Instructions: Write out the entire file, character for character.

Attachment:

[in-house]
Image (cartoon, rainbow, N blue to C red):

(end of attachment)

[in-house]
Image (cartoon, rainbow, N blue to C red):